The media has done so much in recent times to expose injustice especially institutional injustice. Why is it that when it comes to education, they don't seem to have done their homework?
It seems it's just a game to them. Where are the newspapers that stand up and refuse to print league tables? Surely it's obvious to anyone with half a brain that these raw statistics are meaningless on their own. And actually damaging; and damaging children and vulnerable adults [i.e. parents deseprate to get school choice right for their own children but with no proper information to go on].
I would expect papers to be probing, and more interested in establishing the truth; I have no such expectations of politicians, though, so Michael, my Gove of Little Brain, please press on with whatever rubbish you choose. History will prove you wanting, and sooner rather than later.
We, the inner city teachers of this country are under siege, under attack. We chose to go into the hardest places, deal with the rawest of situations, work on the educational frontlines, where deprivation and injustice walk hand in hand around our little city centres, looking for little people to scythe down. Before the Government inventing counting things as a way of evaluating them, our reward was what we did every day for a living.
Instead of a thankyou we find we stand accused. "Schools are failing children in the inner-city." No. Inner-cities tend to be areas of deprivation, and you could say, but I wouldn't, that inner-cities are failing to get their schools onto the top table. It's not the schools, but the tables that should stand accused.
And enter into this troubled world, the Daily This and the Sunday That, in search of prey and an easy story. OMG what fun could be had with a reality statistic!
So, let's try and help the newspapers in their search for a story. If you really want to judge how well a school is doing with the number of GCSEs without or without English and or Maths, A to C or A to G, then you could, for example look at all the children who started high school in Yr 7 on the first day. At City of Leeds, the school I know best, for example, in any given Year 11 there would be 40% of the students who didn't start on Year 7 Day 1. I realise that the Roma children and the Afghans are percolating beyond the ringroad, but, on the whole, these outer-city schools are perceived as better. and are therefore full.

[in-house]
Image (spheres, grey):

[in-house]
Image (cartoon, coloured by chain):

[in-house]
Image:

So, for a start, compare all the students who have done a full five years. You could refine the search further by removing from the comparison all those in both schools whose parents pay for extra private tuition. maybe look at children who have to share bedrooms and have nowhere to work privately at home.
All I'm trying to say here, is that we already have local innuendo and urban myths if we want to rubbish a school. League tables of GCSE results barely scratch the surface of a school's worth. As most parents aren't trained educationalists, they look to the media for impartial observations, but, instead they get served up tripe.
I think you would find that once you started comparing the comparable, then the schools so cavalierly dismissed by politicians [Ed Balls in his letters to Education Leeds and Vince Cable on Questiontime to name but two], then you find City of Leeds School dancing on the top of the League Tables, and simultaneously saying what's the point.
*Stress the 3rd syllable of both comparing words to discover what they should mean.